Investors’ wealth at the Nairobi Securities Exchange (NSE) plunged Sh95 billion as local traders raced to profit from stocks bought cheaply a month ago.
The NSE’s market capitalisation closed at Sh2.15 trillion on Monday, down from Sh2.25 trillion last Thursday as a result of the profit taking, analysts said.
The drop followed a rally at the Nairobi bourse as local investors scrambled to buy shares that were trading at multiple-year lows following a sell-off by foreigners.
Before Thursday, the NSE had gained Sh433 billion from June 27 when the market value dipped to a five-year low of Sh1,820 trillion.
“It is probably just some profit taking. Safaricom moved from Sh23 to Sh32 so investors who bought low are crystallising their gains. Also, those who wanted to sell but thought prices were too low now have the opportunity,” said Muathi Kilonzo, head of equities at EFG Hermes Kenya.
The profit taking has been more pronounced in the Safaricom stock after the share rose from Sh23.15 on June 27 to Sh32 last Thursday, translating to gains of Sh354 billion.
The gain prompted investors, especially locals, to sell the telco’s shares over the past two days. The sell-off saw Safaricom’s shares drop to Sh30 at the close of trading on Monday or Sh82 paper loss.
This means Safaricom accounted for 86 percent of the bourse paper loss despite the firm closing its books on July 29 for dividend payment of Sh0.75 a share.
The telco accounts for 56 percent of the entire NSE market wealth, a dominance that is making it difficult for investors to gauge the performance of the bourse.
East Africa Breweries Limited (EABL) shed Sh2.17 billion in the two days, followed by KCB Group (Sh1.76 billion) and Equity (Sh1.5 billion).
Despite the two-day loss, investor wealth at the NSE has risen Sh338 billion in the past three weeks, following increased trading on Safaricom, Equity Group, EABL and KCB.
The four stocks, which account for three-quarters of the market’s total valuation, had fallen to 52-week lows towards the end of June on the back of sustained foreign investor selling.
Renewed local investor demand due to favourable entry prices has seen analysts forecast the market making gains despite the profit taking on Safaricom.
This is because there is still ample supply from foreign investors who have continued to move their capital to markets such as the US after an upward review of rates to fight rising inflation, which has raised returns on western bonds.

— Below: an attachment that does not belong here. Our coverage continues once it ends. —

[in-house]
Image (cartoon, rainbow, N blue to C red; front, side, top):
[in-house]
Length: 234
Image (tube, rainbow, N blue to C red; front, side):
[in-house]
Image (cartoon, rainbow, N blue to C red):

This inflationary pressure across the globe is a result of high energy and food prices following Russia’s invasion of Ukraine in February, which cut off wheat and fuel exports from the Black Sea region.
Supply chain constraints have also raised the cost of goods, largely due to higher shipping costs, feeding the inflationary pressure.
Similar price pressures have hit the Kenyan economy, where prices of essential food items such as flour and cooking oil have risen sharply, pushing inflation to a 58-month high of 7.9 percent.
Due to the flight of capital from emerging markets, local stock prices fell sharply in June.
Multiple stocks fell to 52-week lows, ushering in a buyers’ market where there were attractive entry prices offering good dividend yields and potential for capital gains once the market corrected itself.
“Foreign investors are still recording net outflows, which has provided a steady supply for local investors looking to get into the market, hence the rise,” said Melodie Ndanu, an analyst at Genghis Capital.
The impact of the four counters on the fortunes of the NSE has once again exposed the exposure risk facing the market, making it difficult for investors to gauge the true health of the stock market.
The performance of these four stocks often shows a market that is either in good health or in trouble, disregarding underlying fundamentals for a majority of counters.
For instance, a sharp gain in the Safaricom stock results in a significant jump in investor wealth and the NSE Al Share Index, even when other counters record limited movement, due to the telco’s massive footprint on the bourse.
These stocks also dominate the foreign trading desk and daily traded turnovers, giving foreign investors outsize influence on the bourse despite holding just 20 percent of the issued shares.
Local investor apathy has also helped cement this dominance by foreign investors.
Most local retail investors entered the market during the IPO boom of the mid-2000s, but rarely traded actively afterwards after cashing in on their stock or were locked in by low prices for the new market entrants whose fortunes dipped after listing.
Earlier this year, the Central Depository and Settlement Corporation (CDSC) revealed that nearly 97 percent of equity accounts used for trading at the NSE had been dormant in the past two years, meaning that only 61,000 of the 2.03 million share accounts at the depository have participated in trading over the period.